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Some Essentials for SEO

Some Essentials for SEO

There are many things which can go into a successful SEO project – even in these days of content marketing and quality links. But overall, there are a few essential elements that I recommend for all sites in order for them to be search engine friendly.

1) Metadata

The forgotten relation in SEO. Whilst description tags and the like are not as important as they were when I first started optimising sites – way back in the “dark ages” of the late 1990s – there are still benefits to be had from getting your metadata correct in terms of best practices for SEO. What this requires is:

– Title Tag

Still one of the most important elements in “on page” SEO – your title tag should reflect the keywords that are likely to be used to search for the content of the page. These words will be used as the heading for your listing in the Google search results pages.

– Description Tag

Not used for ranking purposes, but should appear underneath the heading in Google, as determined by the Title Tag mentioned above. The copy you use here can be very useful for convincing people to click through to your site, especially if it not only matches the keywords they might use, but also provides them a good reason to visit your site. For example, you can promote your USPs here to give people a compelling reason to click the listing.

2) Responsive Design

Google is very keen to see that your website will work well on any device (see this post on the Google Mobile Algorithm Update for more info). It may not be the case yet that your site will be penalised for not being responsive, but my bet is that this will start to happen before too long.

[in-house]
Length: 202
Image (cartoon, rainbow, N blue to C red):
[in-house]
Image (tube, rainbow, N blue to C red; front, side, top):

So you need to ensure that your site’s layout is adaptable to the device it is being viewed on – and not just from the point of view of it changing shape. You also need to ensure the site is navigable and user friendly, too, in order to keep people on the site.

3) Stickiness

A term that is not so much in favour nowadays compared to 10 years or so ago, stickiness refers to the capability of your site to keep people engaged whilst they’re visiting it. My recommendation is that you ensure each page has something of value on it that will keep people reading (or watching a video).

Google certainly doesn’t want to be sending its users to a site that only holds a visitor’s attention for a few seconds before they click back to try and find another, more suitable match for their search query. So you should populate your site with quality, useful content and keep those visitors (and Google) happy.

Whilst there are certainly lots of other things you can do – as previously mentioned – if you concentrate your efforts on the 3 issues listed above, you’ll already be doing pretty well in terms of SEO effectiveness.

Google Mobile Search Algorithm Update

Google Mobile Search Algorithm Update

Google recently announced a change to its mobile search algorithm that affects ALL websites, not just mobile sites:

Essentially, what it means is that, from April 21st this year, Google will be downgrading sites in the search results of mobile devices (ie anyone searching Google on a mobile phone), if they are not “mobile friendly”. And, consequentially, upgrading sites in the search results of mobile devices that are “mobile friendly”.